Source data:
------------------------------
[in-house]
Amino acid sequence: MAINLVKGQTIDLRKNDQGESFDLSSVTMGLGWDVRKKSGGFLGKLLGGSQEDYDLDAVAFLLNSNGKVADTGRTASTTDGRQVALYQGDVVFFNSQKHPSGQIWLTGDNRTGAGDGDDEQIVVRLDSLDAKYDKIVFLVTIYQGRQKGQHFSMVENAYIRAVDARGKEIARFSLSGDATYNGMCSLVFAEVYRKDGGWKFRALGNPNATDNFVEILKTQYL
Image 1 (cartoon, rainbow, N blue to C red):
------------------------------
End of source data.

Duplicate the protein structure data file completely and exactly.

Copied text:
[in-house]
Amino acid sequence: MAINLVKGQTIDLRKNDQGESFDLSSVTMGLGWDVRKKSGGFLGKLLGGSQEDYDLDAVAFLLNSNGKVADTGRTASTTDGRQVALYQGDVVFFNSQKHPSGQIWLTGDNRTGAGDGDDEQIVVRLDSLDAKYDKIVFLVTIYQGRQKGQHFSMVENAYIRAVDARGKEIARFSLSGDATYNGMCSLVFAEVYRKDGGWKFRALGNPNATDNFVEILKTQYL
Image 1 (cartoon, rainbow, N blue to C red):